To get your heat pump working optimally, you may need to install bigger radiators, underfloor heating and other insulation, which could prove disruptive.
Ground source heat pumps circulate a mixture of water and antifreeze around a ground loop pipe. Heat from the ground is absorbed into the fluid and then passes through a heat exchanger, and running costs will depend on the size of the home
Users may be able to receive payments for the heat they generate through the Government’s renewable heat incentive. The systems normally come with a two or three year warranty – and work for at least 20 years, with a professional check every three to five years.
Air source heat pumps absorb heat from the outside air at low temperature into a fluid to heat your house and hot water. They can still extract heat when it is as cold as 5F, with the fluid passing through a compressor which warms it up and transfers it into a heating circuit.
They extract renewable heat from the environment, meaning the heat output is greater than the electricity input – and they are therefore seen as energy efficient.
There are two types, which are air-to-water and air-to-air, and installing a system costs £9,000 to £11,000, depending on the size of your home and its insulation.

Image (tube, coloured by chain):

A typical three-bedroom home is said to be able to save £2,755 in ten years by using this instead of a gas boiler.
Air source heat pumps absorb heat from the outside air at low temperature into a fluid to heat your house and hot water. They extract renewable heat from the environment, meaning the heat output is greater than the electricity input
GETTING HYDROGEN BOILERS
A hydrogen boiler is potentially a less intrusive and cheaper option than a heat pump. However, hydrogen is not yet ready for use in homes, and it’s unclear when it will be, on what scale and at what price.
An analysis by MailOnline found that estimates range from £1,500 to £5,000.
The main benefit of hydrogen is that produces no carbon dioxide at the point of use, and can be manufactured from either water using electricity as a renewable energy source, or from natural gas accompanied by carbon capture and storage.
The boiler is constructed and works in mostly the same way as an existing condensing boiler, with Worcester Bosch – which is producing a prototype – saying converting a hydrogen-ready boiler from natural gas to hydrogen will take a trained engineer around an hour.
This graphic from the Government’s Hy4Heat innovation programme shows how hydrogen homes would be powered
GETTING ELECTRIC CAR CHARGER INSTALLED
Households with cars with internal-combustion engines will be required to shift to electric vehicles by 2035, under the Government’s Net Zero proposals.
Installing a charger at home could cost people up to £1,000, with Government grants covering up to £350. This is expected to fall to around £680 by 2040.